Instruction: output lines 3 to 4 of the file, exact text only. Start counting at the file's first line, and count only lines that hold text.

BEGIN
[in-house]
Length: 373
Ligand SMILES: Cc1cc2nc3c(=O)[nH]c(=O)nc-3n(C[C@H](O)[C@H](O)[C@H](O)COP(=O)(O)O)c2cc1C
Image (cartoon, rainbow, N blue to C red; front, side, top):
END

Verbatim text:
Ligand SMILES: Cc1cc2nc3c(=O)[nH]c(=O)nc-3n(C[C@H](O)[C@H](O)[C@H](O)COP(=O)(O)O)c2cc1C
Image (cartoon, rainbow, N blue to C red; front, side, top):